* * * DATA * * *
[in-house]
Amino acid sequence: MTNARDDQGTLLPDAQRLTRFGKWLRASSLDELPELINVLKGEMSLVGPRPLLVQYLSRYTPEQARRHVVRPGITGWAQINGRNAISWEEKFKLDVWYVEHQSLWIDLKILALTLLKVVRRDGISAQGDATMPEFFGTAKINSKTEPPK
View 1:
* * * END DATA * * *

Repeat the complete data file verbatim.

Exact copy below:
[in-house]
Amino acid sequence: MTNARDDQGTLLPDAQRLTRFGKWLRASSLDELPELINVLKGEMSLVGPRPLLVQYLSRYTPEQARRHVVRPGITGWAQINGRNAISWEEKFKLDVWYVEHQSLWIDLKILALTLLKVVRRDGISAQGDATMPEFFGTAKINSKTEPPK
View 1: